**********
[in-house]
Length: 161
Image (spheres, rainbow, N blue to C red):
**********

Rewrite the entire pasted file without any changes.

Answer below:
[in-house]
Length: 161
Image (spheres, rainbow, N blue to C red):